An aqueous colloidal dispersion of silica colloidal particles C-2 having a concentration of 12% by weight was prepared by dispersing wet method synthetic amorphous silica particles having an average primary particle size of 24 nm and an average secondary particle size of 1.5 μm and available under a trademark of Nipsil E-1011 from Nihon Silica Kogyo K.K. in water and pulverizing by repeating a combination of a sand grinder treatment and an ultrasonic homogenizer treatment until the average secondary size of the pulverized silica particles reached 120 nm.

(4) Silica colloidal particles D-2

An aqueous colloidal dispersion of silica colloidal particles D-2 having a concentration of 15% by weight was prepared by dispersing wet method synthetic amorphous silica particles having an average primary particle size of 13 nm and an average secondary particle size of 2 μm and available under a trademark of Nipsil HD from Nihon Silica Kogyo K.K. in water and pulverizing by repeating a combination of a sand grinder treatment and an ultrasonic homogenizer treatment until the average secondary size of the pulverized silica particles reached 240 nm.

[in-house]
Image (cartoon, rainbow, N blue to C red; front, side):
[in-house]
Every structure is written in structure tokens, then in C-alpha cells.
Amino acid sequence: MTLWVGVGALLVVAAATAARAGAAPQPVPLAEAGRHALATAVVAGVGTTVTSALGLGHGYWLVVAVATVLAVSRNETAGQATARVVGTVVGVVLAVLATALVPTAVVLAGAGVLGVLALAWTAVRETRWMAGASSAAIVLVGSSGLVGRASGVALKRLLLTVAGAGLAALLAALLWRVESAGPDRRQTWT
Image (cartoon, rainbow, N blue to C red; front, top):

(5) Aluminosilicate colloidal particles A

They are as mentioned above.

Example II-1

An aqueous silica colloidal coating solution having a solid content of 8% by weight was- prepared from the silica colloidal dispersion A-2 in an amount of 100 parts by solid weight and 40 parts by weight of polyvinyl alcohol (available under the trademark of PVA-135H, from Kuraray Co., Ltd.) having a degree of polymerization of 3500 and a degree of saponification of 99% or more.

A substrate sheet was prepared by laminating a surface of a coated paper sheet (available under the trademark of OK-Coat from OJI PAPER CO., Ltd.) having a basis weight of 127.9 g/m2 with a polyethylene resin layer having a thickness of 15 μm by an extrusion-laminating method. This polyethylene resin-laminated paper sheet will be referred to as a laminated paper sheet hereinafter.

The aqueous silica colloidal coating solution was coated on a surface of the laminated paper sheet by using a Mayer bar and dried to form an ink-receiving layer with a dry weight of 20 g/m2.

An ink jet recording sheet was obtained.

A pore radius distribution curve was prepared for the resultant ink-receiving layer. In this curve, a peak corresponding to a pore radius of 8 nm was found as shown in FIG. 1. The measurement of the pore radius was carried out for the pore radius of from 3 nm to 100 μm. In this measurement, only one peak was found at the pore radius of 8 nm.

In the ink-receiving layer, the integrated pore volume of all the pores was about 0.86 ml/g and the total volume of the pores having a pore radius of from 3 to 20 nm was 0.6 ml/g.

Example II-2